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Family Activities At The 77th Annual Oregon Logging Conference

Desmond O'Boyle

The 77th Annual Oregon Logging Conference returned to Eugene last weekend. Industry professionals, equipment, and networking are the main attractions. Saturday morning featured family activities and some friendly competition.

All the heavy equipment is on display and demonstrations are ongoing here at the 2015 Oregon Logging Conference. This mobile wood splitter can dissect a tree into firewood fast.

Big toys and industry information sharing aren't the only activities going on Saturday.

Credit Desmond O'Boyle

Milton: "My name is Milton Moran. I'm from Sweet Home. I work for Cascade Timber Consulting. I'm a Director of Sales and Logging Operations and I'm a past President here at the Oregon Logging Conference. We call it the log loader competition. It's an event that puts guys that run these machines into woods against each other for a top time of just stacking three sets of blocks, three different sets, three clocks high and they have to match numbers and colors, the fastest time right now we're working just under, just right at two minutes and forty seconds, fastest time. This is a skill that these guys have, they don't stack logs end to end in the woods of course, but it's kind of a way that we thought would be a good crowd pleaser."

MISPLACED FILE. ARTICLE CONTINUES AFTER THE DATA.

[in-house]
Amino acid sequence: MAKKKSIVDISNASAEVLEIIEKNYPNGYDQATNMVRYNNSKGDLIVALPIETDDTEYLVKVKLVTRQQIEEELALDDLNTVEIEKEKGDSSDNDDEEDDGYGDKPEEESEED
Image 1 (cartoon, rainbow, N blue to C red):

Credit Desmond O'Boyle

The equipment being used in the competition is a Link Belt 290 Log, Load, and Shovel. Nearby in the Wheeler Pavilion, there are a few family activities to educate children about the forestry industry and have a little fun with some wood. Dick Powell is the Public Outreach coordinator for the Starker Forests tree farm in Philomath. He has been coming to the Conference for about 12 years. Today, he's helping kids color cross sections of trees.

Powell: "We call them wood cookies. The idea is, kids sit down and they take a wood cookie that they kind of like and they decorate it however they want. I think one of the important things of this family day is: everything they use comes from natural resources in some way. I mean just everything comes from natural resources. As society becomes more and more urbanized, people are losing their connection with where things come from. So I think having kids and families just opening it up to the general public, just helps them to see that things they use somehow has to be produced. Somebody has to grow it, somebody has to harvest it, and somebody has to manufacture it into a product that they can use."

Credit Desmond O'Boyle
Ami Tajiri helping some kids make some birdhouses

Just around the corner, Miss Lane County Contestant Ami Tajiri is helping kids build some birdhouses.  

Tajiri:"We're here with Women in Timber. And they provided the wood for us to help kids make birdhouses. I just really like how the kids are so enthusiastic. I personally love crafting and building things so I get to do that along the little kids and they are so interested in what we're doing, so it's really fun."

The 2015 Oregon Logging Conference wrapped up Saturday afternoon.